Cambridge, Massachusetts 02138


Purpose:

Accumulating evidence suggests that repeatedly breathing low oxygen levels for brief periods (termed intermittent hypoxia) is a safe and effective treatment strategy to promote meaningful functional recovery in persons with chronic spinal cord injury (SCI). The goal of the study is to understand the mechanisms by which intermittent hypoxia enhances motor function and spinal plasticity (ability of the nervous system to strengthen neural pathways based on new experiences) following SCI.


Study summary:

Accumulating evidence suggests that repeatedly breathing low oxygen levels for brief periods (termed intermittent hypoxia) is a safe and effective treatment strategy to promote meaningful functional recovery in persons with chronic spinal cord injury. Repetitive exposure to mild hypoxia triggers a cascade of events in the spinal cord, including new protein synthesis and increased sensitivity in the circuitry necessary for breathing and walking. Recently, the investigators demonstrated that daily (5 consecutive days) of intermittent hypoxia stimulated walking enhancement in persons with chronic spinal cord injury. Despite these exciting findings, important questions remain. First, does intermittent hypoxia improve walking recovery by increasing strength or muscle coordination or both? Understanding its mechanisms will allow us to best apply intermittent hypoxia in the clinic. Second, initial studies indicate that the beneficial effects of intermittent hypoxia are greatest when intermittent hypoxia is used just prior to task training and that the benefits are greatest for the practiced task. The investigators will explore this possibility by examining the effects of intermittent hypoxia on walking ability and force production when applied alone and when applied in combination with walking training or strength training. The investigators expect that the greatest improvements in walking ability for intermittent hypoxia with walking training and the greatest improvements in strength in response to intermittent hypoxia with strength training. Third, studies suggest that intermittent hypoxia induces spinal plasticity by increasing the expression of a key plasticity-promoting protein, brain-derived neurotrophic factor (BDNF). Mutations in the BDNF gene have been shown to impair BDNF functionality. Thus, the investigators will also explore the impact of BDNF polymorphisms on responsiveness to intermittent hypoxia therapy.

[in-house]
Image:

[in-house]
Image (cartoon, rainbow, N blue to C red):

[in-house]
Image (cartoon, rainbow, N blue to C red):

Criteria:

Inclusion Criteria: - Age 18 and 75 years (the latter to reduce likelihood of heart disease) - Medical clearance to participate - Lesion at or below C2 and above T12 with non-progressive etiology - Classified as motor-incomplete with visible volitional leg movement - Injury greater than 1 year Exclusion Criteria: - Concurrent severe medical illness (i.e., infection, cardiovascular disease, ossification, recurrent autonomic dysreflexia, unhealed decubiti, and history of pulmonary complications) - Pregnant women because of the unknown affects of AIH on pregnant women and fetus - History of seizures, brain injury, and/or epilepsy - Undergoing concurrent physical therapy - Diabetes - Cirrhosis - Caffeine and/or NSAID allergies or intolerances


NCT ID:

NCT02323945


Primary Contact:

Principal Investigator
Randy D Trumbower, PT, PhD
Harvard Medical School

Randy D Trumbower, PT, PhD
Phone: 617-952-6951
Email: randy.trumbower@mgh.harvard.edu


Backup Contact:

Email: labtrumbower@gmail.com
Lorna Brown, DPT
Phone: 617-952-6831


Location Contact:

Cambridge, Massachusetts 02138
United States

Randy D Trumbower, PT, PhD
Phone: 617-952-6951
Email: randy.trumbower@mgh.harvard.edu

Site Status: Recruiting


Data Source: ClinicalTrials.gov

Date Processed: October 18, 2018

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